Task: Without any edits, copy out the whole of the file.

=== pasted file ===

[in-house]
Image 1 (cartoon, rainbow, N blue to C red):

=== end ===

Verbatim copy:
[in-house]
Image 1 (cartoon, rainbow, N blue to C red):